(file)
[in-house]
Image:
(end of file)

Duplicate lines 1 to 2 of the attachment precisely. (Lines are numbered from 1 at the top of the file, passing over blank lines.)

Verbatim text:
[in-house]
Image: